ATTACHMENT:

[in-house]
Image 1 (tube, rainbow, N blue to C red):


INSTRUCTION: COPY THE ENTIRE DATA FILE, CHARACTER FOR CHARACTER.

[in-house]
Image 1 (tube, rainbow, N blue to C red):